Satoshi on academia

The list of things we can learn from bitcoin appears neverending.  This is a reflection not just of the genius of Satoshi or the current state of affairs, but also of the holographic nature of the world (or at least, of the tonal model of it).  In other words, we could learn almost anything about the world by studying just one thing in it.

Of course one can construct apparent exceptions.  Trying to learn about the history of Japanese literature by starting to study the interior structure of a lump of granite is not the best way to go about things. The connections there are very tenuous.

One place the connections are not as tenuous is the connection between bitcoin and academia.  In particular, lets take a look at HOW Satoshi told the world about bitcoin.  Sometimes, the method of speech can convey a lot of meaning.  In this case, it's really a whole lot.  There are other connections between bitcoin and the future of academia, relating to politics and finance, but we will leave those aside for now.

In particular, Satoshi provided a solution to the longstanding academic problem of distributed consensus, a.k.a. the Byzantine General's problem.  This was established by many authors as an important and perhaps impossible problem of computer science, networking, and information theory.  He did so in a post to a public forum.  So what, you might say.  Person has information, person conveys information.  What's the big deal?

The big deal is that this is basically saying "fuck you" to all of academia.  There is an established protocol of conveying new advances in knowledge, and it typically involves:

1) Established journals
2) Establishing personal reputation
3) Referencing the existing literature
4) Collecting the rewards

Satoshi said "no thanks" to all of this (that's a little more polite isn't it).  He didn't use an established journal, so none of his choices of words were shaped by institutional editors.  He used a pseudonym; this was not about his academic reputation in terms of landing that professor job or editor position later.  He didn't make a lot of references, to friends and colleagues of the editors and reviewers, which is de rigueur in academic publications.  He didn't collect his impact factor or his citations for use in furthering his career or establishing himself as future curator of what gets to go in this or that publication.

So, why do you think he did it this way?  I can't put words in anyone's mouth but the way I see it this is a demonstration.  He was telling us, hey, not only is it possible to use money which is well defined, but also it is possible to speak the truth and make advances in intellectual pursuits without obeisance to ancient traditions and outmoded social structures.

Wow!  That is some heavy shit, wouldn't you say?  And similar to the state of world currencies prior to the arrival of BTC, this is a message the world absolutely is ready for.  Very few experts, when questioned in person, put much stake in impact factors and academic titles when it comes to identifying other experts.  Reputation built up by direct interaction is much more important.  Sure, at first one might look at publication record and citations, but most people recognize that a few words from a trusted colleague will trump those almost always.  Most fields of knowledge, however arcane, have a few people who are recognized by those in the know as crème de la crème, and often they are not the big names in publication, academic position, or citations.  That's just the way it is.  Today I wouldn't be surprised if more people read Vixra than Nature.  Seriously!  [edit: well probably false but closer to truth than many realize]  Even though it's 99% garbage.  A lot of people are more interested to hear even potential advances than rehashed establishment ideas, even if it means wading through the sewers waist deep.  There is some serious rot in the tree and Satoshi is not the first person to suggest a shakeout.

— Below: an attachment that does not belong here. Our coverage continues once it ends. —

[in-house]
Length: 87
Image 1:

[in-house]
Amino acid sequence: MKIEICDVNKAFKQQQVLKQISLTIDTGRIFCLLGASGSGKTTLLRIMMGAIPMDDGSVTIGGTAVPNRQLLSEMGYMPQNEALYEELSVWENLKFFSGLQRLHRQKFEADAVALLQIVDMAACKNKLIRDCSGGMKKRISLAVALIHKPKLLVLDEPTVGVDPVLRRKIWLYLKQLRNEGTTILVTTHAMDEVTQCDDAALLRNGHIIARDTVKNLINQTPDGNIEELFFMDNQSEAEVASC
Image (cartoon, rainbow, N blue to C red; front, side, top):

So what happens next?  Many of the authors active in coin forums are disgruntled former or not-quite-made-it academics.  After all, bitcoin is the currency of choice for the world's literate people.  Literate here implies intellectually curious, which implies likely some experience with academia.  These folks are upset because their genius was not recognized, and they didn't want to be the round peg shoved into the square hole.  So, they were filtered out by one of academia's many filters.  These folks will get together, and immediately start repeating the same mistakes again (They only look like mistakes to an objective view.  Becoming an oppressive dictator, after deposing the previous oppressive dictator, might not look like a mistake to for example the new dictator blinded by the same blinders he took from the head of the previous dictator).  New open forums like Arxiv.org, will become more and more exclusive, while the new "open discourse" will slowly start to reference the same few new leaders.  New filters will be put up to "keep out the riffraff".  Some of this will be reasonable and necessary, while others of it will be purely the sad behavior that makes today's child abuse victims into tomorrows child abusers.

Anyhew, posers gonna pose, readers gonna read.  Perhaps Satoshi didn't give a shit enough to even raise the middle finger, and I am putting way to much import on the choice of publication style.  There are those out there who just want to learn and contribute, and don't really care about some of the politics.  Here's to those folks, it's you that shape the world (though it may take some crazy time to filter down, if indeed you can get your thesis out of the prison at all).  The rest of us will stand around with our dicks in our hands, talking shit about your work until it reaches critical mass at which point we will claim credit for it.  Count on it.